|Publication number||US3953342 A|
|Application number||US 05/468,036|
|Publication date||Apr 27, 1976|
|Filing date||May 8, 1974|
|Priority date||May 8, 1974|
|Also published as||CA1057040A, CA1057040A1|
|Publication number||05468036, 468036, US 3953342 A, US 3953342A, US-A-3953342, US3953342 A, US3953342A|
|Inventors||Fred David Martin, Lawrence James Guilbault|
|Original Assignee||Calgon Corporation|
|Export Citation||BiBTeX, EndNote, RefMan|
|Patent Citations (7), Non-Patent Citations (1), Referenced by (11), Classifications (10), Legal Events (1)|
|External Links: USPTO, USPTO Assignment, Espacenet|
This invention relates to the recovery of petroleum from subterranean oil-bearing formations.
More particularly, this invention relates to a water-flooding process employing as the flooding medium an aqueous solution of a dialdehyde and a water-soluble polymer.
In the secondary and tertiary recovery of petroleum by water flooding, it has been proposed to employ aqueous media rendered more viscous than ordinary water or brine by the incorporation therein of water-soluble agents such as high molecular weight, water-soluble polymers. However, many polymers when in aqueous solutions undergo molecular weight breakdown or degradation. Diluted polymer solutions are more susceptible to degradation than solutions of higher concentration of the polymer. The degradation is particularly rapid when the solution is kept at an elevated temperature or a medium containing substantial amounts of oxygen. This degradation results in substantial reductions in the solution viscosity.
Various chemicals have heretofore been added to polymers in order to prevent their degradation. For example, U.S. Pat. No. 3,085,063 discloses the use of formaldehyde to minimize viscosity loss in polymeric waterflooding solutions, U.S. Pat. No. 3,343,601 discloses the use of sodium hydrosulfite and sodium sulfite to prevent polymer degradation, U.S. Pat. No. 3,747,676 discloses the use of formaldehyde to maintain the solution viscosity of unhydrolyzed polyacrylamide and U.S. Pat. No. 3,753,939 discloses the use of thiosulfates to improve the stability of polymers against thermal and oxidative degradation. In addition, U.S. Pat. No. 3,772,407 discloses a class of glyoxal substituted vinyl alcohol-acrylamide graft copolymers.
Many of these known additives, however, have not been entirely satisfactory in stabilizing polymeric solutions. For example, in certain instances these additives adversely affect other properties of the polymers.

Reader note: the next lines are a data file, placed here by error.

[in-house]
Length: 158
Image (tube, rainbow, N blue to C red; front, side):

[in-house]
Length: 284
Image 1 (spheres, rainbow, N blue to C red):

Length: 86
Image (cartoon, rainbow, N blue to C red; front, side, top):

Accordingly, it is an object of this invention to provide a polymer flooding process in which the effectiveness of the polymer is maintained or enhanced under operating conditions.
It is a further object of this invention to provide a polymer flooding process which increases the recovery of petroleum from a subterranean reservoir.
These and other objects of this invention are accomplished by the process of this invention in which aqueous solutions of a dialdehyde and a water-soluble polymer are introduced through an injection well, or wells, into an oil-bearing formation. The displaced oil is then recovered at one or more producing wells spaced from the injection wells. Aqueous liquids that may be employed to prepare the injection fluids include fresh water, oil field brines, ocean water and, in general, any aqueous fluid which may be available at the oil field site for practice of the invention.
Water-soluble, polymeric mobility control agents often employed include the acrylic amide polymers such as homopolymers of acrylamide and copolymers thereof with acrylic acid, methacrylic acid, alkali-metal salts of such acids and other classes of polymeric mobility control agents include the water-soluble, alkylene oxide polymers, polymer sulfonates, polyvinyl alcohols, esters and amides of styrene-maleic anhydride copolymers, and, in general, any of a wide number of water-soluble, high molecular weight polymers which enhance the viscosity of aqueous fluids. Teachings with respect to such polymers are found in U.S. Pat. Nos. 2,731,414; 2,827,964; 2,842,492; 3,018,826; 3,039,529; 3,079,337; 3,085,063; 3,679,000 and 3,744,566. The preferred mobility control agents are partially hydrolyzed polyacrylamides and copolymers of acrylamide and 2-acrylamido methylpropane sulfonic acid.
Suitable dialdehydes include water-soluble dialdehydes of the formula:
OCH -- CH2 )n CHO
wherein "n" equals 0 to 3. The preferred dialdehyde, however, is glyoxal.
In carrying out the process of this invention, the dialdehyde may be incorporated into the aqueous injection fluid in any convenient manner. For example, the polymer solution and the dialdehyde may be mixed prior to injection or they may be metered and added concurrently with the injection of the flooding medium. The amounts used may vary from about 0.1 to about 1.0 and, preferably, from about 0.5 to about 1.5 moles of dialdehyde per mole of amide constituent of the polymer, and the polymer flooding medium can contain from about 0.0025 to about 0.5 percent by weight polymer and, preferably, from about 0.005 to about 0.15 percent by weight. Oxygen can be removed from the solution, if desired, by mechanical means such as vacuum deaeration or counter-current gas stripping or by chemical means such as the addition of an oxygen scavenger such as sodium sulfite or hydrazine.